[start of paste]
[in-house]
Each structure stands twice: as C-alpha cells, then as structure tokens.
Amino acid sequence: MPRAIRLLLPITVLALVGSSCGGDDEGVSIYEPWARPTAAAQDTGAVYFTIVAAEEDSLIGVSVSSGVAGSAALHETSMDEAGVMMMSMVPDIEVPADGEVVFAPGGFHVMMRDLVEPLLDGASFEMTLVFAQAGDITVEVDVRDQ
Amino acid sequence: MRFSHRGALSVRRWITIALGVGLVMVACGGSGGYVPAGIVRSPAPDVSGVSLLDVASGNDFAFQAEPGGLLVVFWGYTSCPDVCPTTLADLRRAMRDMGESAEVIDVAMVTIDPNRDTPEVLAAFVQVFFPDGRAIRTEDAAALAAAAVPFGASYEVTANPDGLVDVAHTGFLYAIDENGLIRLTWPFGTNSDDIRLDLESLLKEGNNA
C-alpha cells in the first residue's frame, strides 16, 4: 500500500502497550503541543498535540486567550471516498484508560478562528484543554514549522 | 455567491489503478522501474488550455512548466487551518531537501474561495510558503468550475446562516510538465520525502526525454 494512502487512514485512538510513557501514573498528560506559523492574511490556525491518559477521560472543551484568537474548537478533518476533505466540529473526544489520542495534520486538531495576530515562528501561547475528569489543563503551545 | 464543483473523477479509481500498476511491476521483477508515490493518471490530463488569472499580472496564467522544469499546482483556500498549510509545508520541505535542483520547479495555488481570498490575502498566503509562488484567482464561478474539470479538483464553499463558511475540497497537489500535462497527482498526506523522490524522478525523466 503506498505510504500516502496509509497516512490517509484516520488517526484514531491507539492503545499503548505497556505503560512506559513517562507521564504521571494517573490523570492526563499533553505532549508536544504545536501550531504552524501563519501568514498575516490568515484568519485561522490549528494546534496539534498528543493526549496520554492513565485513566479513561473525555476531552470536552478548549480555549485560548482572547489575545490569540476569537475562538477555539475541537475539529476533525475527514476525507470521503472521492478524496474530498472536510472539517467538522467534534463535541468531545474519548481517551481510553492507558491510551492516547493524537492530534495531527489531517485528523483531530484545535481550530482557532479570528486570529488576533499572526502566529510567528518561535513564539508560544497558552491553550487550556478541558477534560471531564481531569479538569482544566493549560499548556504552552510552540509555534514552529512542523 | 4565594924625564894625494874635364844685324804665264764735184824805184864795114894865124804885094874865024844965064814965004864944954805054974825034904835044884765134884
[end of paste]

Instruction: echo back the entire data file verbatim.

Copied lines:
[in-house]
Each structure stands twice: as C-alpha cells, then as structure tokens.
Amino acid sequence: MPRAIRLLLPITVLALVGSSCGGDDEGVSIYEPWARPTAAAQDTGAVYFTIVAAEEDSLIGVSVSSGVAGSAALHETSMDEAGVMMMSMVPDIEVPADGEVVFAPGGFHVMMRDLVEPLLDGASFEMTLVFAQAGDITVEVDVRDQ
Amino acid sequence: MRFSHRGALSVRRWITIALGVGLVMVACGGSGGYVPAGIVRSPAPDVSGVSLLDVASGNDFAFQAEPGGLLVVFWGYTSCPDVCPTTLADLRRAMRDMGESAEVIDVAMVTIDPNRDTPEVLAAFVQVFFPDGRAIRTEDAAALAAAAVPFGASYEVTANPDGLVDVAHTGFLYAIDENGLIRLTWPFGTNSDDIRLDLESLLKEGNNA
C-alpha cells in the first residue's frame, strides 16, 4: 500500500502497550503541543498535540486567550471516498484508560478562528484543554514549522 | 455567491489503478522501474488550455512548466487551518531537501474561495510558503468550475446562516510538465520525502526525454 494512502487512514485512538510513557501514573498528560506559523492574511490556525491518559477521560472543551484568537474548537478533518476533505466540529473526544489520542495534520486538531495576530515562528501561547475528569489543563503551545 | 464543483473523477479509481500498476511491476521483477508515490493518471490530463488569472499580472496564467522544469499546482483556500498549510509545508520541505535542483520547479495555488481570498490575502498566503509562488484567482464561478474539470479538483464553499463558511475540497497537489500535462497527482498526506523522490524522478525523466 503506498505510504500516502496509509497516512490517509484516520488517526484514531491507539492503545499503548505497556505503560512506559513517562507521564504521571494517573490523570492526563499533553505532549508536544504545536501550531504552524501563519501568514498575516490568515484568519485561522490549528494546534496539534498528543493526549496520554492513565485513566479513561473525555476531552470536552478548549480555549485560548482572547489575545490569540476569537475562538477555539475541537475539529476533525475527514476525507470521503472521492478524496474530498472536510472539517467538522467534534463535541468531545474519548481517551481510553492507558491510551492516547493524537492530534495531527489531517485528523483531530484545535481550530482557532479570528486570529488576533499572526502566529510567528518561535513564539508560544497558552491553550487550556478541558477534560471531564481531569479538569482544566493549560499548556504552552510552540509555534514552529512542523 | 4565594924625564894625494874635364844685324804665264764735184824805184864795114894865124804885094874865024844965064814965004864944954805054974825034904835044884765134884